"LGBT people experience discrimination in many aspects of their lives, but it is perhaps at its worst during times of crisis," said Joe Solmonese, president of Human Rights Campaign, a gay rights group. "We thank President Obama and HHS Secretary [Kathleen] Sebelius for recognizing the hardships LGBT people face and taking this important step toward ensuring that no one will be turned away from a partner's hospital bedside again."
Langbehn said anti-gay animus at Jackson Memorial was behind her being kept in the dark on Pond's condition and denied access to her bedside.
"I was told by the social worker, 'You're in an anti-gay city and state. You won't get to see her without paperwork,'" she said. "I said I have that paperwork, I have the durable power of attorney. But I never saw the gentleman again in the eight hours of waiting."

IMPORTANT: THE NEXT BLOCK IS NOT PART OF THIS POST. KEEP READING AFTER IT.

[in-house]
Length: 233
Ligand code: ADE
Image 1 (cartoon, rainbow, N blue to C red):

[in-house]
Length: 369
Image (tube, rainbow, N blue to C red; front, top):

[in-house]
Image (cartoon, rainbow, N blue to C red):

She immediately called a friend to fax health care proxies and documentation of durable power of attorney but the hospital disregarded the documents.
The hospital has denied that one of its social workers made any such comment and that saving Pond's life was the doctors' top priority. Officials have also denied any double standard for Langbehn based on her sexual orientation.
While Langbehn was ultimately granted a brief visit with her dying wife, accompanied by a priest who was performing last rites, she was not allowed to stay. "No one should die alone," she said.
Now, nearly four years later, Langbehn said she finds some consolation in knowing that Pond's donated organs saved four lives that still live on.
"Her heart went to a Florida man. He was an anti-gay, right-wing guy. Former military service member. I was afraid to tell him," she said of her sexual orientation. "But, he said, 'You're my family now.' He's a wonderful man. I call him the keeper of Lisa's heart."